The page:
The use of technology in the classroom is impacting routines – modifying our existing lesson designs might not work. Instructors might have to consider entirely changing their learning design in order to properly accommodate the appropriate acceptance and use of technology. Using technology in the classroom is becoming more of a norm and finding the ability to help design lessons and learning with technology in mind will lead to new routines and help support learning with the use of technology.

 

Curator

Information and data can be more easily shared than ever with the introduction of platforms like Pinterest or Storify. Resources and learning materials can become collected and shared online in blogs or through specific hashtags. Classroom resources and outlines are being offered through a variety of owners, creating accessible meetings places online.

Curating a collection of reliable digital resources is no small task and requires collaboration among peers. By networking with other instructors, personal collections can grow and change. Teachers curate the information and activities their students will interact and engage with to help promote learning. Curating different content allows for teachers to create diverse learning experiences that evolve and change over time.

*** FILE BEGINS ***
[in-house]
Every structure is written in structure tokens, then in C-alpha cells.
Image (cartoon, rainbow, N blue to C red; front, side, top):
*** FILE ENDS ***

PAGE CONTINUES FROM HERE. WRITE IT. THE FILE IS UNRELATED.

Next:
Activator

With the help of students, the instructor as activator helps to create the learning process. Activators are passionate about their instruction, using digital technologies to challenge their students and the results to help inform their teaching.  The instant feedback often provided through digital technologies allows activators to constantly learn about their students in real time and include those learning in their future lessons. In addition to providing instructors feedback, students are able to learn from one another through the open communication provided with the use of digital applications.

Activators help instructors to better understand their role in the realm of digital literacy. They help to establish goals and paint a picture of what success looks like. The blended learning environments being created by instructors as activators need to be supported and shared with like-minded educators. By bringing together instructors with similar passions for digital literacy, they are able to collaborate and help share what they’ve learned in and through the digital landscape.

Trends in Digital Ed-Tech